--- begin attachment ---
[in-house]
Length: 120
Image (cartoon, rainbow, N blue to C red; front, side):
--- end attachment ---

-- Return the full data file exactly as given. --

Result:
[in-house]
Length: 120
Image (cartoon, rainbow, N blue to C red; front, side):